How Can a Business Traveler Make a Difference?

Business traveler view inside a full airplane

For the third installment of our three-part series, we focus on the shopper. Specifically, the business traveler or a leisure traveler shopping for the “least offending” carbon emissions option, which could save twenty, thirty, or even forty percent if selected instead of an older, less efficient planes.


There has been visible progress on many Corporate Travel websites showing emissions data and carbon offset partnerships, but there is still no identifiable emissions measurement standard. As a result, each shopping Site today uses its own calculations to estimate the traveler’s emissions, resulting in a lack of accuracy and reliability that causes travelers to guess as to why there isn’t more transparency.


A handful of travel booking sites provide travelers with “lead” estimates of their carbon footprint. Google Flights recently took commendable strides to supply insight and clarity at the flight level. To date, none show emissions data on a Next Generation Storefront shelf and cabin level to encourage travelers to make the right choice. Some offer links for travelers to learn more about the company’s emission measurements and carbon offset partnerships. Other websites aggregate company’s emissions but do not present a “per flight” breakdown and only show an estimate on the payment page AFTER selection, instead of supplying flight and branded fare level alternatives during shopping. While any amount of data is preferred to no data, inaccurate estimates and inconsistent interpretation is less than ideal.


From a traveler’s perspective, only a small handful of business websites take into consideration specific flights, plane age or equipment type, taxi time, flight time, seasonality, or even flight origins and destinations. Most do not. There are so many factors to consider when measuring travel emissions and travelers need basic guidance.


Beyond online booking, shoppers can use estimation calculators and online tools that try to make estimation as simple as possible. Extremely precise services inexplicably dumb down their calculators, making them almost useless to an individual traveler.


ICAO, which has many detailed programs and carbon emissions estimation services, offers a very simple carbon emissions calculator online that only asks for a departure and arrival airport to calculate the emissions of the trip. There is no input for equipment type or other important variables.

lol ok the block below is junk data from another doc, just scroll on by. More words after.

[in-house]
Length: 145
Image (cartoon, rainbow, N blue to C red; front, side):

Cool Effect is a carbon offset platform that takes travelers’ estimated flight time and calculates an average emission for three different flight-length categories: a six hour or shorter flight, medium and long-haul flights. The tool’s primary purpose is to offer enough information to sell carbon offsets and is better suited for aggregated corporate transactions and not individual purchase decisions.


TravelPerk offers companies a management program where clients are charged a fixed amount per ton of CO₂ emissions for each business trip as a carbon offset. The program also includes carbon emissions tracking for the entire company with quarterly reports. Although this sounds ideal, travelers do not receive help from learning about which flights push their own footprint towards a more sustainable future.


It is worth celebrating that the travel industry finally has websites and programs that educate travelers about sustainability or help promote the immediate purchase of an offset or both. Our concern is that, in the rush to sell offsets without a defined standard, a clear focus on encouraging shopping behavior has been missed.


The Vacationer took a survey in April asking Americans, “Do you intend to make more sustainable (eco-friendly) decisions when planning travel?” The report came back with 27% indicating yes, regardless of convenience; 48% said yes, but only if it does not inconvenience me; and 25% said no. The survey results suggest that if travelers are presented with easy-to-understand options with convenient choices, then it is highly likely they will choose sustainable travel.


Travel shoppers face a landscape that is ready for a new standard or at least greater consistency. As I tell co-workers and clients: Imagine trying to calculate your calorie intake per Starbucks birthday cake cake-pop if everywhere you look offers a different definition of how to estimate calories. This is exactly what is happening with measuring carbon emissions; every platform is using different methods to calculate travelers’ carbon footprint.


ITS would like to see greater accuracy across the industry. Full sets of features and capabilities including sort, filters, and cabin or brand detailed displays, actionable reporting, and finally, the opportunity to buy a carbon offset. Oh yea, a standard or two would be appreciated. At least something that can be shared and used across as many online booking tools, calculators, or estimators as possible. Affecting demand generation in a positive way to “below average” emissions options is more effective if it can be replicated.


If we do this as an industry, our shoppers will one day thank us.


Better yet, they will make better and more informed choices and will not give a second thought as to where the data comes from or how it is presented because it will, by then, be common, consistent, reliable, and dependable.

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